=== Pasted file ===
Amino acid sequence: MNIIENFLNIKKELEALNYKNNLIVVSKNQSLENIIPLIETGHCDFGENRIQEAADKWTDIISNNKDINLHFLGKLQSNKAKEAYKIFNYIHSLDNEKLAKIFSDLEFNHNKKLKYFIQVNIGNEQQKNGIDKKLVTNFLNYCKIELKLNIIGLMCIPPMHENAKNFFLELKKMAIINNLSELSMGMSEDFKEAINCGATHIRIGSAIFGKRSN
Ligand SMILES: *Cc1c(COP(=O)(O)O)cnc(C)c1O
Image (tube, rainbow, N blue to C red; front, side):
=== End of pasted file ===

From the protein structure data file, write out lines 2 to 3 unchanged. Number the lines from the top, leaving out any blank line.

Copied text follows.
Ligand SMILES: *Cc1c(COP(=O)(O)O)cnc(C)c1O
Image (tube, rainbow, N blue to C red; front, side):